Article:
Friendship Abuse

I’m thinking of organizing a friendship retreat where friends will be reminded that friendship is a two way stop and not a one way on the Autobahn in Germany.

Fine, there is social media where you learn about your friend’s plans and birthdays but sometimes you want to hear the actual voice, then you stop right there.  Depression.

You will punch the number on the speed dial and he will take the call.  Hola!  What’s up?  Then you will listen and listen.  He’s not interested in why you called.  You listen, until you lie that someone is at the door.
You have accepted the fact that he never calls you and that you are the one that organizes concert tickets, World Series tickets, movie premieres, car shows and the boys’ dinner dates (with your plastic money). 

All you ask for is twenty minutes of his time to listen about how the dreams you had in college are not happening and you think a good detox, will be using your air miles to go and climb Mount Kenya.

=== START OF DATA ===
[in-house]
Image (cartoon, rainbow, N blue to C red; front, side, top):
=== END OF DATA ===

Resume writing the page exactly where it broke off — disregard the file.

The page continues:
The friendship retreat will have Oprah and Gayle King as facilitators.  Gayle will give you tricks about rich friend management, the way she handles Oprah.  Oh! Yes.  Don’t let Oprah’s billions fool you.  Gayle is in charge. 
The retreat will also remind participants that they should not be the ‘superior friend’ and say things like.

·         My friend Jill who lives in the projects.

·         My friend Jack who is crashing at my house after the divorce.

·         My friend Jill who used to live in a refugee camp.

·         My friend Jack who is sick.

Truth be told, we can’t blame social media for friendship abuse.  Human beings are selfish by nature.  Period.  The retreat will also set some rules for example, the person who calls should be heard.  It’s his cellphone credit, so he should call the shots. 
As my Zulu ancestors said after observing cattle on the fields:  Ikhotha eyikhothayo.  It means an animal will lick the one that licks it.  Reciprocity.

Nonqaba waka Msimang is the author of Sweetness, a South African novel.


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